Cronenberg’s interest in the porousness of body and mind pulses through the film; the reality is, of course, that infections run rampant in eXistenZ, and that infection can seemingly come from anywhere. A disease introduced in one world can metastasize into the next, and a metaphorical rot—one borne in the mind—can become literal, a mass of black spores and discolored flesh. In all the planes of existence Allegra inhabits, her master game pod is constantly either suffering from infection or threatened by infection. At one point, watching the twitching mass of nerves and muscle and tendons writhe and moan on the bed, Allegra panics: “We brought the disease back with us. My pod is diseased. Oh god!” 

As she injects the pod with sporicide and attempts to massage it back to health, I couldn’t help but think of the sick baby in David Lynch’s Eraserhead, another uncanny harbinger of the futile and impossible human attempt to exist as a discrete entity, not needing to connect to anything else for survival. The baby metaphor isn’t subtle, either; the umbilical cord going from person to pod is so accurately realized that I don’t know if you could call it anything else, and when Ted has his first bio-port installed by a deranged gas station owner named, of course, Gas (Willem Dafoe, who else), he learns that the gun used to punch a hole in his back comes pre-loaded with an epidural. “Just like when you have a baby,” Gas explains, in case you weren’t sure you were interpreting things correctly. There are no young children anywhere in the world of eXistenZ, no family units, no images of adults caring for spouses or kids. In this world, one cares only for the game pods—the new children—the mewing, gelatinous, somewhat sentient possessions that you must nurture to the exclusion of all others.

Of course, there seems to be no way to navigate this world without ending up entangled with some other living being, whether or not that entity is human. There seems, also, to be no way to ensure that the people around you are trustworthy and friendly, or will receive you into their homes (their heimlich homes) and their restaurants and their gas stations and their hearts the way you want them to. (They might, instead, lift a gun to your head—an organic gun, one fashioned to escape traditional metal detection. A gun that bleeds. An uncanny weapon, familiar in shape but not in form.) And yet without them, you’re stuck: a nobody without agency or forward motion. A poorly-drawn character stuck in a game loop.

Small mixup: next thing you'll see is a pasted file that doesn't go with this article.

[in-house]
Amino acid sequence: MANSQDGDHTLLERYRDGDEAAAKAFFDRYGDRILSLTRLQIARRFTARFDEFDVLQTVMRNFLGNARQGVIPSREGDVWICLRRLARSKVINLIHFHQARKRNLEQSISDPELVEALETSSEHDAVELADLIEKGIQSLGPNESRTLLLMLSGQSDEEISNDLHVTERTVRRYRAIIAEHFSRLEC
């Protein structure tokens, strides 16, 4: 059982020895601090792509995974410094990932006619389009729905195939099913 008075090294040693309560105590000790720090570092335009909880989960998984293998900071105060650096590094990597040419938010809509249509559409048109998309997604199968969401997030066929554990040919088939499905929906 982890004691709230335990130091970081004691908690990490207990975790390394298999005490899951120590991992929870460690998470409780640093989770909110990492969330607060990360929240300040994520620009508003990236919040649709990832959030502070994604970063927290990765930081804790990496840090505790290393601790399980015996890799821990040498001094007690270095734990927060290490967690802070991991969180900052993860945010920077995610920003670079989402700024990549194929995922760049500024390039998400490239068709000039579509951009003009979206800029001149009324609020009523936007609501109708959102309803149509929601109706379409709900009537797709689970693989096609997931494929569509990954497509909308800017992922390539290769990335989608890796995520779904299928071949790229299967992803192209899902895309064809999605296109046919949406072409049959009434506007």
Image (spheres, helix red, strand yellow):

According to Allegra, after all, the only way to test out the health of eXistenZ is to play it with someone—someone “friendly.” Even in this version of complete dissociation from the external world, the ‘real’ body, it is impossible to operate without emotional connection. And the emotional connection doesn’t just extend to the player who’s working alongside you in the game—it’s also, clearly, one that exists between the player and their pod, this device that is so viscerally welded to the body, the mind, the soul. (It’s “basically an animal,” we are told at one point.) 

Watching eXistenZ, I can’t help but be envious of this dystopia. Our corporate overlords—our Antenna Researches and Cortical Systematics—would never let tech be this fleshy, this sexy, this corporeal. Apple and Google and Meta depend on tricking people into thinking that tech is clean, safe, separate, hard, impenetrable. An iPhone is comforting when you can trick yourself into believing it’s not a threat to your being or your mind—that it’s merely an expensive object crafted out of lithium batteries and glass and plastic and metal—that it’s not worming its way into your nervous system, altering your gray matter, changing the way you access and tap into the phenomena around you. Cronenberg’s vision of the futuristic technical dystopia seems more honest in its base, embodied id-ness, and thus more desirable. If I’m going to get brain rot and feel permanently detached from my understanding of my own body, I’d rather be turned on while I’m doing that, right? Turned on and, perhaps, plotting a violent revenge.